2019 Reading Habits
I wasn’t always a reader. My childhood was not one surrounded by books, filled with literature. It wasn’t until high school — when I started reading blogs, ironically — that I discovered the pleasure that comes from reading. On those websites, I was exposed to a world I hadn’t seen, encountered authors I’d never heard of, books I suddenly had to read. I felt like I had so much to catch up on. So I started spending all of my money on books. Anything and everything. I read anything I could get my hands on — books about design, obviously, but also science, art, politics, religion, pop culture, philosophy. My interests have geared towards nonfiction but I’d always find novel or two I enjoyed each year. I still feel like I’m catching up.
But over the last year or so, my reading habits have shifted. Where fiction was the minority, novels have become the majority of my reading. It began almost a year ago, I think, towards the end of the summer. Fiction became much more interesting to me, a type of escape from current events, perhaps. I read the latest Jonathan Franzen (which I actually enjoyed more than I thought I would!), a few Zadie Smith, finally read through the Patrick Melrose series. I read The Dept. of Speculation after it was recommended on my podcast twice. So far, in 2019, these habits have focused. For the first half of the year, my reading has fallen into three distinct categories: novels, memoirs, and essay collections.
The year began in a hotel room in Austin with Lust for Life, Irving Stone’s classic biographical novel about Vincent Van Gogh. I’d first read this one a decade ago and loved it. Reading it again, brought back the same feelings. I’ve yet to read a book that more accurately depicts the creative process and the life of the artist, both the good and the bad. At the risk of pretension, I’ve found myself reading a lot of ‘novels of ideas’ (ugh!). I finally read Nabakov’s Pale Fire. I devoured Olivia Lainge’s new Crudo, and Peter Mendelsund’s Same Same. I just finished the Susan Choi’s new novel, Trust Exercise and I can’t seem to stop thinking about it.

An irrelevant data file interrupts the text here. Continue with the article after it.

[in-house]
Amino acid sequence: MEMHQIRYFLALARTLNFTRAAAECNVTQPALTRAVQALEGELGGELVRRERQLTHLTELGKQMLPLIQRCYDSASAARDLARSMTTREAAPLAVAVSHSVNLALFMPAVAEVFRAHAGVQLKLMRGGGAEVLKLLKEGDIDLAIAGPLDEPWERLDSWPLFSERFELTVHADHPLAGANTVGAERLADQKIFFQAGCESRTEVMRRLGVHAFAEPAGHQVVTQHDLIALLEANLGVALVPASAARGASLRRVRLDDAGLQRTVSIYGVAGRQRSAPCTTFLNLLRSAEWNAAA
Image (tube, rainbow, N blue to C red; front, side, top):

And what are memoirs if not another type of story? I’d never read Barack Obama’s excellent Dreams of My Father until this year and was completely enchanted by it. I quickly followed this with Michelle’s ultra-popular Becoming which I blew through. I’m anxiously waiting Barack’s upcoming presidential memoir. I also spent a weekend in March reading Haruku Murakami’s memoir, What I Talk About When I Talk About Running, about running and writing in what I had hoped would finally get me to start running regularly. I enjoyed the book but I’ve been unsuccessful in my own running so far. Not a memoir, but I’ve just started Robert Caro’s second Lyndon Johnson book, The Means of Ascent. I read the first book last summer and decided to spend each summer reading with Caro and Johnson.
To break up these stories, I’ve found myself reading more and more essay collections. The year began with Ta-Nahisi Coates’s We Were Eight Years in Power, which chronicles the Obama years, both on a national scale and in Coates’s own life. I was surprised how much I learned about writing and his writing process through the interstitial essays. I already mentioned reading a few Zadie Smith novels last year but I’ve always enjoyed her essays more than her fiction. I picked up (and loved) her latest collection Feel Free earlier this year. I spent another weekend in late March with String Theory, David Foster Wallace’s collected essays on tennis. Perhaps the best book I’ve read this year, though, is John Jeremiah Sullivan’s Pulphead. His essays remind me of Wallace’s in some ways and I was struck by the specificity of his voice, regardless of the topic. (I was especially taken with his essays on Michael Jackson, Axl Rose, and his journey to a Christian rock festival). I’d read Sullivan before but spending this much time simultaneously made me want to write more and never write again. He’s that good.
There’s another stack of books next to my bed already. I’ve been itching to read Emily Wilson’s new Odyssey translation, and Ulysses has been sitting next to my bed for years. I’m excited to read the new Ben Lerner and have good things about R.O. Know’s The Incendiaries and Hanya Yanagihara’s A Little Life. I want to read Lisa Brennan-Jobs’s Small Fry and Alexander Chee’s How to Write an Autobiographical Novel. There’s always more to read. What are you reading?